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Great Wines With No New Barrels

Posted: Apr 23, 2007 12:04pm ET

I was looking through one of my notebooks this morning for something. It was the same set of notes that I took during my trip to Bordeaux this spring to taste 2006 from barrel.  And I saw written down on one of the pages: "You don’t need new barrels to make great wine.”

What? Did I read my handwriting right? That can’t be. All great wines have a lot of new barrel maturation. No?

Well. No. The quote above came from a dinner with Denis Durantou of Pomerol’s L’Église Clinet, at the Bordeaux hotel Les Sources de Caudalie. I think that Denis is one of the most talented growers and winemakers in Bordeaux. He hand-makes his wine on his small estate in the heart of Pomerol, and his reds are consistently some of the best in the region.

Anyway, he brought a bottle of 1961 L’Église Clinet to the dinner that was a knockout. It was very Port-like, dark garnet-colored with a ruby center. It was super aromatic with blackberries, violets, brown sugar and just a hint of tobacco. The palate was full and very intensely flavored with masses of fruit and velvety tannins. What a wine. I gave it 98 points, non-blind.

And the wine was aged for 18 months in old 225-liter oak barrels. “My relative didn’t have the money to buy new barrels at the time,” Denis said.

In fact, another excellent and more recent L’Église Clinet also never saw new wood – the 1989. I remember, years back, that Denis said that the wine was so outstanding from the beginning that he didn’t want to change the character with the new wood. “I was afraid it might change.”

He would probably do it differently today. In fact, with recent great vintages of L’Église Clinet such as 1998, 2000, and 2005, he used a percentage of new oak to age his reds.

The only thing is that it makes you rethink the necessity of new wood barrels for aging wine.

Interestingly, I had a similar conversation with Burgundy winemaker Laurent Ponsot in his cellar in Morey-St.-Denis about a week after I saw Denis. Ponsot said that he didn’t want anything to do with new oak barrels. “I want my wines to taste of their grapes, not wood,” he said.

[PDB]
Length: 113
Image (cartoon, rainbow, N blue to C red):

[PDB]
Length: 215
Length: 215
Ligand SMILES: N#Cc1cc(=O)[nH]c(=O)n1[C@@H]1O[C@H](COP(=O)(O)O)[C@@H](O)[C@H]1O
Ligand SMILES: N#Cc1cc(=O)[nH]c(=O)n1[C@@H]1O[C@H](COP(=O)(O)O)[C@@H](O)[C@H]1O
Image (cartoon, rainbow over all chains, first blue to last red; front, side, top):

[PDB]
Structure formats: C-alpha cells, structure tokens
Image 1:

May be it’s an oversimplification, or better a provocation, to say that to me, but I think it’s something to think about. The 1961 L’Église Clinet was a superlative wine, and Ponsot’s 2005s I tasted from barrel were fantastic.

Douglas Johnson
Appleton, WI —  April 23, 2007 3:58pm ET
I agree for the most part with Mon. Ponsot. If I wanted to taste wood, I'd suck on an oak branch. A little bit of new wood, perhaps 10 to 15% may be okay for some wines, but too many producers overdo it and mask the natural fruit flavors.
Guus Hateboer
Netherlands —  April 23, 2007 4:01pm ET
Isn't new wood just used to add flavour and soft wood-toned tannins, rather than potential to age? I understood that oak barrels were used to have the wine oxidize in a very limited way through the pores of the oak, which can be achieved by new as well as with old wood. The new wood predominantly adds the vanilla character that so many people love, but the greatness of a wine is already in the wine before it goes into the barrel, whether that barrel is new or not.
John B Vlahos
Cupertino Ca. —  April 23, 2007 5:45pm ET
Inglenook was famous for its cabernet sauvignon and they used the same vats for years and turned out outstanding vintages. In fact their best wines had vat designations and often you would see the same vat designation every few years as the vats were re-used. It may well be that a well seasoned vat adds its own benefitial character to the wine. Does a great grape need oak?
Jim May
Los Angeles —  April 24, 2007 12:53am ET
If M. Pensot indeed wants his wines to "taste of the grapes, not wood", wouldn't that be an argument against any wood at all, i.e. in favor of stainless steel? Or is "old wood" sufficiently mute in its contribution to the final result that it is effectively equivalent to steel (but much more traditional)?

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